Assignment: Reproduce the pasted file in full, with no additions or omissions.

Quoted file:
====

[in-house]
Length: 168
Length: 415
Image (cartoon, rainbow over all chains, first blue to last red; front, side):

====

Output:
[in-house]
Length: 168
Length: 415
Image (cartoon, rainbow over all chains, first blue to last red; front, side):